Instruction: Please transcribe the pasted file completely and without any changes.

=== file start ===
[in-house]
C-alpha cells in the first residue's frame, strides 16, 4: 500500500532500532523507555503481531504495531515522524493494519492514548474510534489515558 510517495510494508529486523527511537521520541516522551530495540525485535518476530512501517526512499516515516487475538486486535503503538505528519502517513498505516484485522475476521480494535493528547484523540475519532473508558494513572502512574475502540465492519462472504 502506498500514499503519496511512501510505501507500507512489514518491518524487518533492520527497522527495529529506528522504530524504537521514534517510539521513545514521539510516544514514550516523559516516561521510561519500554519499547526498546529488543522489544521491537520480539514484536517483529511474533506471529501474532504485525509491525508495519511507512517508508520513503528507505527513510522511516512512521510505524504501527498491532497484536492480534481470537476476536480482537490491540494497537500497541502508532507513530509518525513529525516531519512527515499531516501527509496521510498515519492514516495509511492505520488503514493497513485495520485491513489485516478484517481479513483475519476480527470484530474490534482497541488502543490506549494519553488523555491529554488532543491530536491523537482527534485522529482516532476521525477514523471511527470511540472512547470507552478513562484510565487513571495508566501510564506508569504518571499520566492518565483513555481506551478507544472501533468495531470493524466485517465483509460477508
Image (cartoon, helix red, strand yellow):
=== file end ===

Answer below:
[in-house]
C-alpha cells in the first residue's frame, strides 16, 4: 500500500532500532523507555503481531504495531515522524493494519492514548474510534489515558 510517495510494508529486523527511537521520541516522551530495540525485535518476530512501517526512499516515516487475538486486535503503538505528519502517513498505516484485522475476521480494535493528547484523540475519532473508558494513572502512574475502540465492519462472504 502506498500514499503519496511512501510505501507500507512489514518491518524487518533492520527497522527495529529506528522504530524504537521514534517510539521513545514521539510516544514514550516523559516516561521510561519500554519499547526498546529488543522489544521491537520480539514484536517483529511474533506471529501474532504485525509491525508495519511507512517508508520513503528507505527513510522511516512512521510505524504501527498491532497484536492480534481470537476476536480482537490491540494497537500497541502508532507513530509518525513529525516531519512527515499531516501527509496521510498515519492514516495509511492505520488503514493497513485495520485491513489485516478484517481479513483475519476480527470484530474490534482497541488502543490506549494519553488523555491529554488532543491530536491523537482527534485522529482516532476521525477514523471511527470511540472512547470507552478513562484510565487513571495508566501510564506508569504518571499520566492518565483513555481506551478507544472501533468495531470493524466485517465483509460477508
Image (cartoon, helix red, strand yellow):